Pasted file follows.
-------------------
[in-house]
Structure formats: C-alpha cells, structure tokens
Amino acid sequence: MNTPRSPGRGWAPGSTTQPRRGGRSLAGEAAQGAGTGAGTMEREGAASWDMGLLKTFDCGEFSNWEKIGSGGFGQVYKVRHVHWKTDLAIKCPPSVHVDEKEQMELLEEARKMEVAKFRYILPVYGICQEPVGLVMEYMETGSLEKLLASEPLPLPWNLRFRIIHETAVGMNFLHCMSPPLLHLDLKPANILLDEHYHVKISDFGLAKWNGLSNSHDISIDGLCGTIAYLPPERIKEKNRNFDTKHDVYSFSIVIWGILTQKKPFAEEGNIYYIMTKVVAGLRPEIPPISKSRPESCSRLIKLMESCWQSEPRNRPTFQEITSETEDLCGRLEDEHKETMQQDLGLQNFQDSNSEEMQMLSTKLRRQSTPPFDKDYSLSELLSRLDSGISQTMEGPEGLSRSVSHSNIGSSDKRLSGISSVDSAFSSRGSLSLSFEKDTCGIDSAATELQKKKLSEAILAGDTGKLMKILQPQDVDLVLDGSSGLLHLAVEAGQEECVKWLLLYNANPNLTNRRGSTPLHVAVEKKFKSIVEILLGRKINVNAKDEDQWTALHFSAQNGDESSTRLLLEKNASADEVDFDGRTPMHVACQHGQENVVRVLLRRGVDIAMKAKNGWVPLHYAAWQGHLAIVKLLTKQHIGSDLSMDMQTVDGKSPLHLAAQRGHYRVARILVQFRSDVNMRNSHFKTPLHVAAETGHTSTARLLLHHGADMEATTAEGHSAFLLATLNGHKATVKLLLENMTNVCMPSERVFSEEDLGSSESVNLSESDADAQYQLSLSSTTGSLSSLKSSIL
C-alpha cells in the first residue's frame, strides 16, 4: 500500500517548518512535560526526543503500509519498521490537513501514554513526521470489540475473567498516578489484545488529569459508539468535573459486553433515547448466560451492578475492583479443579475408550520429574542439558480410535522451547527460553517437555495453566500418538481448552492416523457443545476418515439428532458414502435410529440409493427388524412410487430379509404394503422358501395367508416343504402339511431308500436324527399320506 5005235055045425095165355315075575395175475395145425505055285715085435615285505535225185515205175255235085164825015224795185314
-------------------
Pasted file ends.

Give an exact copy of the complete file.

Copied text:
[in-house]
Structure formats: C-alpha cells, structure tokens
Amino acid sequence: MNTPRSPGRGWAPGSTTQPRRGGRSLAGEAAQGAGTGAGTMEREGAASWDMGLLKTFDCGEFSNWEKIGSGGFGQVYKVRHVHWKTDLAIKCPPSVHVDEKEQMELLEEARKMEVAKFRYILPVYGICQEPVGLVMEYMETGSLEKLLASEPLPLPWNLRFRIIHETAVGMNFLHCMSPPLLHLDLKPANILLDEHYHVKISDFGLAKWNGLSNSHDISIDGLCGTIAYLPPERIKEKNRNFDTKHDVYSFSIVIWGILTQKKPFAEEGNIYYIMTKVVAGLRPEIPPISKSRPESCSRLIKLMESCWQSEPRNRPTFQEITSETEDLCGRLEDEHKETMQQDLGLQNFQDSNSEEMQMLSTKLRRQSTPPFDKDYSLSELLSRLDSGISQTMEGPEGLSRSVSHSNIGSSDKRLSGISSVDSAFSSRGSLSLSFEKDTCGIDSAATELQKKKLSEAILAGDTGKLMKILQPQDVDLVLDGSSGLLHLAVEAGQEECVKWLLLYNANPNLTNRRGSTPLHVAVEKKFKSIVEILLGRKINVNAKDEDQWTALHFSAQNGDESSTRLLLEKNASADEVDFDGRTPMHVACQHGQENVVRVLLRRGVDIAMKAKNGWVPLHYAAWQGHLAIVKLLTKQHIGSDLSMDMQTVDGKSPLHLAAQRGHYRVARILVQFRSDVNMRNSHFKTPLHVAAETGHTSTARLLLHHGADMEATTAEGHSAFLLATLNGHKATVKLLLENMTNVCMPSERVFSEEDLGSSESVNLSESDADAQYQLSLSSTTGSLSSLKSSIL
C-alpha cells in the first residue's frame, strides 16, 4: 500500500517548518512535560526526543503500509519498521490537513501514554513526521470489540475473567498516578489484545488529569459508539468535573459486553433515547448466560451492578475492583479443579475408550520429574542439558480410535522451547527460553517437555495453566500418538481448552492416523457443545476418515439428532458414502435410529440409493427388524412410487430379509404394503422358501395367508416343504402339511431308500436324527399320506 5005235055045425095165355315075575395175475395145425505055285715085435615285505535225185515205175255235085164825015224795185314